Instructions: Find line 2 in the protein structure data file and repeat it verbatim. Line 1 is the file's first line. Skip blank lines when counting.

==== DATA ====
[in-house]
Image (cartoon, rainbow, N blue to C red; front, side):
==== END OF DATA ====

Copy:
Image (cartoon, rainbow, N blue to C red; front, side):